Yet another possible reason for the country’s high C-section rate, as we mentioned, is that physicians are routinely paid more for a C-section than they are for a vaginal delivery—on average, about 15 percent more. Why is this the case? The prevailing logic is that a C-section is a major surgery, so the physicians’ payment should reflect the greater potential for complexity. But this logic rests on a crude generalization. Vaginal birth can be very straightforward, but it can also be very complicated and time-consuming. The same is true for a C-section. Despite this, payments are fixed—they reflect the mode of delivery, not the difficulty.
You could imagine an alternative system that just paid for time, per hour of labor—which would acknowledge the fact that labor management tends to take longer than C-sections; after all, a C-section performed during labor by definition cuts short that labor. Such a system would also account for the costs physicians accrue by spending more time in the hospital: less sleep, less time with family, less time to see patients in the office. But such a system might then wrongly incentivize slow labors, or avoiding C-sections when they’re needed, so a whole different set of problems would emerge.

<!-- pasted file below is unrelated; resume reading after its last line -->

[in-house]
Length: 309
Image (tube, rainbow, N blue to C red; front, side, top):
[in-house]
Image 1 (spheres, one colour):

At any rate, the fact is that the existing system creates a financial incentive to perform a C-section—or a disincentive to manage labor—that may make the difference in the clinical gray areas.